Big Island’s Olohana Foundation Awarded USDA Grant to Develop Fruit Puree Products for Local Market
The project promotes food self-sufficiency on the Big Island and increased market access and economic opportunity for local fruit growers.
PAAUILO, HAWAI’I, November 14, 2022—The Olohana Foundation, a Hawaii island based 501(c)(3) non-profit, is pleased to announce a grant award of $101,000 from the USDA’s Agricultural Marketing Service Local Food Promotion Program (LFPP). The grant will fund Hawaiʻi Tropical Fruits: Adding Value for Shared Abundance for one year and aims to prototype two minimally processed fruit puree products utilizing locally grown, soft-skin fruit that might otherwise go to waste in the absence of a market for them. The fruit puree products will be delivered through Hawaiʻi Farm to Car and Hawaiʻi Island Food Basket’s CSA DA BOX to local residents including recipients of SNAP. The project promotes food self-sufficiency on the Big Island and increased market access and economic opportunity for local fruit growers.
For more than a decade, Olohana Foundation has focused on cultivating community resilience around food, energy, water, and knowledge systems. Through its agroforestry program, Olohana has helped to increase food security in Hawai’i, in the Pacific, and in the Caribbean Islands where food insecurity is especially prevalent due to extreme weather events and a dependence on shipping which make these populations uniquely vulnerable.
In 2021, Olohana recognized an opportunity to realize its focus on food self-sufficiency in Hawai’i by acquiring legacy industrial aseptic juicing equipment which led to a feasibility study being conducted by project co-directors Carly Wyman and Keahi Tajon in partnership with Arizona State University. The study examined strategies for re-establishing this equipment on the Big Island in the interest of adding value to locally grown fruit, vegetables, and other crops, with a specific focus on harnessing a cooperative business model for supporting small-scale producers.
“The opportunity to develop fruit puree products using locally grown fruit that doesn’t currently have a market – in particular for local folks who seek out such locally-produced foods – is very appealing to all who hear about the project,” said Wyman and Tajon, who are delighted with the news about the award.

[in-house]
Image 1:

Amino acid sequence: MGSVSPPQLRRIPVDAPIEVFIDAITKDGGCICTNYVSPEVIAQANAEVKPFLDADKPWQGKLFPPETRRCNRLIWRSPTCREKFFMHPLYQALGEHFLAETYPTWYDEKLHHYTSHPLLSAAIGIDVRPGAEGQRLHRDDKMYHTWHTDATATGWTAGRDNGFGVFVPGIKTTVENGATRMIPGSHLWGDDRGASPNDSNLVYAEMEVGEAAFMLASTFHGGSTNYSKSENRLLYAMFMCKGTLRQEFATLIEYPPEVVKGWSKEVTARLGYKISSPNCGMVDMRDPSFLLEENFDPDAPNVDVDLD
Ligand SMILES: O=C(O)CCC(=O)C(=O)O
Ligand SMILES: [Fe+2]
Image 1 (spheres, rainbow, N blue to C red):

“These grant programs provide crucial funding for projects, including farm to institution efforts, that will improve community access to fresh, locally sourced food and strengthen market opportunities for local and regional food producers,” said USDA Under Secretary for Marketing and Regulatory Programs Jenny Lester Moffitt, in a press release on Oct. 19, 2022.
With this aspect of the project funded by the USDA, Olohana now invites local partners and investors to submit proposals that will expand and strengthen the project and increase impact.
“This is an opportunity to leverage our investments,” said Sarah Purgus, Executive Director of the Olohana Foundation. “It’s an economic opportunity that bodes well for all involved,” she said.
In August, the Olohana Foundation announced its participation as a sub-awardee under a new $20 million project spearheaded by Haskell Indian Nations University and funded by the U.S. National Science Foundation (NSF). The project, Rising Voices, Changing Coasts: The National Indigenous and Earth Sciences Convergence Hub, brings together Indigenous knowledge-holders from diverse coastal regions and university-trained social, ecosystem, and physical Earth system scientists and students for transformative research to address coastal hazards and create more resilient communities.
“Supporting programs that improve food security and access is part and parcel to community resiliency development needed for coastal communities,” said Purgus. “These two federally-funded projects will move us forward.”
Parties may submit collaboration proposals to